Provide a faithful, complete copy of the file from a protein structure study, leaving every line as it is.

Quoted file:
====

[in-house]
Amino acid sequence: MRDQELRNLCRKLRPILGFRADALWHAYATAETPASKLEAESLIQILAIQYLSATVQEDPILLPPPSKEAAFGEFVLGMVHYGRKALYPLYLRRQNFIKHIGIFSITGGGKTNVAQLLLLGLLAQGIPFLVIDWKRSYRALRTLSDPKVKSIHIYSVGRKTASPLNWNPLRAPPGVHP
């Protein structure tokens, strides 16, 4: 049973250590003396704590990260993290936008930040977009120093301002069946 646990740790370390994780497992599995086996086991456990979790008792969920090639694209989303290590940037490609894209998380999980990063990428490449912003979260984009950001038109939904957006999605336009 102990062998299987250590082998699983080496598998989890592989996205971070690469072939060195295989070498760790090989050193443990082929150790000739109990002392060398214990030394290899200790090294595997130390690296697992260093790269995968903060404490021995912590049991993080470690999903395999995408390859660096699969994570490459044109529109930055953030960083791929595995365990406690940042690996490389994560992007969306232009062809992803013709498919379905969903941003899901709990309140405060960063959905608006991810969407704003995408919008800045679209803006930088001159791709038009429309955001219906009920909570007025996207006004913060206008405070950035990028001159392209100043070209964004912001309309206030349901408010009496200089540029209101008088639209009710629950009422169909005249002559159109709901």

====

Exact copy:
[in-house]
Amino acid sequence: MRDQELRNLCRKLRPILGFRADALWHAYATAETPASKLEAESLIQILAIQYLSATVQEDPILLPPPSKEAAFGEFVLGMVHYGRKALYPLYLRRQNFIKHIGIFSITGGGKTNVAQLLLLGLLAQGIPFLVIDWKRSYRALRTLSDPKVKSIHIYSVGRKTASPLNWNPLRAPPGVHP
């Protein structure tokens, strides 16, 4: 049973250590003396704590990260993290936008930040977009120093301002069946 646990740790370390994780497992599995086996086991456990979790008792969920090639694209989303290590940037490609894209998380999980990063990428490449912003979260984009950001038109939904957006999605336009 102990062998299987250590082998699983080496598998989890592989996205971070690469072939060195295989070498760790090989050193443990082929150790000739109990002392060398214990030394290899200790090294595997130390690296697992260093790269995968903060404490021995912590049991993080470690999903395999995408390859660096699969994570490459044109529109930055953030960083791929595995365990406690940042690996490389994560992007969306232009062809992803013709498919379905969903941003899901709990309140405060960063959905608006991810969407704003995408919008800045679209803006930088001159791709038009429309955001219906009920909570007025996207006004913060206008405070950035990028001159392209100043070209964004912001309309206030349901408010009496200089540029209101008088639209009710629950009422169909005249002559159109709901």